Cormack, Dr W F (1998) Organic Arable Systems at ADAS Terrington OF0112. ADAS.
Project OF0112 contributes to MAFF's main policy focus of encouraging conversion to organic farming methods. It is part of a long term rotational study that began in 1990 as OF0102 and has recently been extended to 2001 as OF0145. The overall objective of these three projects is to evaluate the cost of conversion to organic arable production on a fertile soil, to assess the physical and financial performance of the organic rotation, to identify and overcome limitations to sustainabilty and to compare the results with conventional arable production. The project comprises a field-scale unreplicated systems comparison and associated replicated experiments at ADAS Terrington, and a financial analysis of ten commercial 'linked' organic farms.
The silty clay loam soil at Terrington has proved ideal for organic production, primarily because it has very good water and nutrient and retention. As expected, organic crop yields have been less than conventional, averaging 70% for winter wheat; yields have been, on average, double that of the linked farms, and reached a peak of 10 t/ha in 1996. Variable costs have been lower and organic prices have been twice or more that for conventionally grown potatoes and wheat. Crop grossmargins (i.e. the value of the crop harvested minus the drect variable costs of growing it) have been consistently higher from organic than conventional. Even allowing for the lower value of the other three crops in the rotation, i.e. beans, spring cereal and clover (Set aside), overall gross margin from organic was higher than from conventional (average from 1993 to 1997 was 1,878 v 1,290 #/ha).
Crop yields and gross margins were generally lower on the linked farms, probably mainly because they were on lighter soils more prone to leaching losses. However, all were viable businesses and had similar profitabilities to conventional farms of their size. The most profitable rotations in cluded potatoes and/or vegetables.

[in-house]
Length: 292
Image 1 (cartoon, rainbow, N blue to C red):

In the absence of animal manures and synthetic fertilisers, the main driver of crop yield and key to sucess, will be the fixation of sufficient atmospheric nitrogen by the Rhizobium bacteria in the root nodules of legumes. Replicated experiments comparing a range of species have shown that in terms of gross accumulation of nitrogen in the cut foliage, and in the yield of a following wheat crop, red clover, lucerne and white clover are all very effective fertility builders, with red clover on average just the best. A second experiment has compared wheat, barley and oats as the cover crops for the undersowing of red clover. In 1997 clover dry matter at harvest uder oats was only 4.5kg/ha compared with 88 under wheat and 74 under barley. Baley was also the most profitable crop, however this was affected by relative grain prices which vary between years. A third experiment tested timing of manure application across the rotation. The modest quantity applied (30 t/ha per rotation) was chosen as what could have been produced from animals fed on crops grown within the rotation. There was only one isolated response in crop yield over four different crops. This was probably a reflection of the high inherent fertility and nitrogen retention capacity of the silty clay loam soil at Terrington.
There are real current business opportunities for conversion to arable production. The linked farms, mostly with mixed arable livestock rotations, show profitability comparable with conventional; stockless arable production was consistently more profitable than conventional on the fertile nutrient retentive soil at Terrington. However there remain questions about the longer term sustainability of a stockless arable rotation, even on such a well suited soil. The next phase of the project (OF0145), which has just started, will focus on sustainability studying potential threats from perennial weeds, nutrient supply and soil-borne pests and diseases. The use of manure will be discontinued and, in that part of the study area, vegetables will be introduced in place of potatoes to test an alternative rotation.
|Keywords:||crop yield, gross margin, stockless, arable rotation|
|Subjects:|| Soil > Nutrient turnover|
Crop husbandry > Production systems
Farming Systems > Farm nutrient management
|Research affiliation:||UK > ADAS|
|Research funders:||UK > Department for Environment, Food and Rural Affairs (DEFRA)|
|Location:||ADAS Terrington |
Terrington St Clement
|Start Date:||1 April 1995|
|End Date:||31 March 1998|
|Deposited By:||Defra, R&D Organic Programme|
|Deposited On:||13 Dec 2006|
|Last Modified:||12 Apr 2010 07:34|
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